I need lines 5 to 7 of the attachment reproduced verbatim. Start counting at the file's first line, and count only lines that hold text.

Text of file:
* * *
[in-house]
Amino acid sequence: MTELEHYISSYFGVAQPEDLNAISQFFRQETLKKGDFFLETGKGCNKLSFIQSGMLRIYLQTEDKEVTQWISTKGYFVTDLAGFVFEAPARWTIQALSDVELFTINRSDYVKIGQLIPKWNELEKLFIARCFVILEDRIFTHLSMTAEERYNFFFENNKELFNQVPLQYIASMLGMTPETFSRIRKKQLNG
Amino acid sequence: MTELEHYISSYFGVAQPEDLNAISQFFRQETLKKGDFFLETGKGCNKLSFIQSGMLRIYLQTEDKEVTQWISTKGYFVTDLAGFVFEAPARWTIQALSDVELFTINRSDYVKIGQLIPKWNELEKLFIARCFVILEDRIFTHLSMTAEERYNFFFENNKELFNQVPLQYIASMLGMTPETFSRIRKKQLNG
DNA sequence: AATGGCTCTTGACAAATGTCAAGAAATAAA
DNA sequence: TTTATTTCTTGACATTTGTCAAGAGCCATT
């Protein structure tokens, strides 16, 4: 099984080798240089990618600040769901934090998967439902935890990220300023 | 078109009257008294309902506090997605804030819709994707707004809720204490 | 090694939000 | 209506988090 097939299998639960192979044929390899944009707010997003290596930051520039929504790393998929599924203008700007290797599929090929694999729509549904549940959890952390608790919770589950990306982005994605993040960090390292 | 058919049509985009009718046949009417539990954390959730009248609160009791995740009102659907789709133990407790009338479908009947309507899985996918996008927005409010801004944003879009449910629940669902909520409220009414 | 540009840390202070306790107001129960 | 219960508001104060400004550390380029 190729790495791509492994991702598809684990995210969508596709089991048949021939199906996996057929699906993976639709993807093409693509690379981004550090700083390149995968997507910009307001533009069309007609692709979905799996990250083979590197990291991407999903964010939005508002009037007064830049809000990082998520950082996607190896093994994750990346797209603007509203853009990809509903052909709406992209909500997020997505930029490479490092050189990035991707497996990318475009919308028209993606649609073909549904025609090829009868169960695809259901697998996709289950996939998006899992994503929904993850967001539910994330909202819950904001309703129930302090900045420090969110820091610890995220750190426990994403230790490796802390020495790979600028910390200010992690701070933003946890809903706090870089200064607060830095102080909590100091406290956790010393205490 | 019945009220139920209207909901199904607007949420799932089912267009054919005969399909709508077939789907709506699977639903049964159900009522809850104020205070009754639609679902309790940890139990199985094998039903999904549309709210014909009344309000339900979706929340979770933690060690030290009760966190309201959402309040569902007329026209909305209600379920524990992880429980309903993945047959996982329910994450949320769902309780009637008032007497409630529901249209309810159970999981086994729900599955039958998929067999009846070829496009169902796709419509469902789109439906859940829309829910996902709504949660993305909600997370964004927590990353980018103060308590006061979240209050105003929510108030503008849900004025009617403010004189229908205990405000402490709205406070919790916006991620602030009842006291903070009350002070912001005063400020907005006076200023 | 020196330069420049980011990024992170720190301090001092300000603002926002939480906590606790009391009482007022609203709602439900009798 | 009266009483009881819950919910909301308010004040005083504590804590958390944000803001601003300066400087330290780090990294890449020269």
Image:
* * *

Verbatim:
DNA sequence: TTTATTTCTTGACATTTGTCAAGAGCCATT
């Protein structure tokens, strides 16, 4: 099984080798240089990618600040769901934090998967439902935890990220300023 | 078109009257008294309902506090997605804030819709994707707004809720204490 | 090694939000 | 209506988090 097939299998639960192979044929390899944009707010997003290596930051520039929504790393998929599924203008700007290797599929090929694999729509549904549940959890952390608790919770589950990306982005994605993040960090390292 | 058919049509985009009718046949009417539990954390959730009248609160009791995740009102659907789709133990407790009338479908009947309507899985996918996008927005409010801004944003879009449910629940669902909520409220009414 | 540009840390202070306790107001129960 | 219960508001104060400004550390380029 190729790495791509492994991702598809684990995210969508596709089991048949021939199906996996057929699906993976639709993807093409693509690379981004550090700083390149995968997507910009307001533009069309007609692709979905799996990250083979590197990291991407999903964010939005508002009037007064830049809000990082998520950082996607190896093994994750990346797209603007509203853009990809509903052909709406992209909500997020997505930029490479490092050189990035991707497996990318475009919308028209993606649609073909549904025609090829009868169960695809259901697998996709289950996939998006899992994503929904993850967001539910994330909202819950904001309703129930302090900045420090969110820091610890995220750190426990994403230790490796802390020495790979600028910390200010992690701070933003946890809903706090870089200064607060830095102080909590100091406290956790010393205490 | 019945009220139920209207909901199904607007949420799932089912267009054919005969399909709508077939789907709506699977639903049964159900009522809850104020205070009754639609679902309790940890139990199985094998039903999904549309709210014909009344309000339900979706929340979770933690060690030290009760966190309201959402309040569902007329026209909305209600379920524990992880429980309903993945047959996982329910994450949320769902309780009637008032007497409630529901249209309810159970999981086994729900599955039958998929067999009846070829496009169902796709419509469902789109439906859940829309829910996902709504949660993305909600997370964004927590990353980018103060308590006061979240209050105003929510108030503008849900004025009617403010004189229908205990405000402490709205406070919790916006991620602030009842006291903070009350002070912001005063400020907005006076200023 | 020196330069420049980011990024992170720190301090001092300000603002926002939480906590606790009391009482007022609203709602439900009798 | 009266009483009881819950919910909301308010004040005083504590804590958390944000803001601003300066400087330290780090990294890449020269």
Image: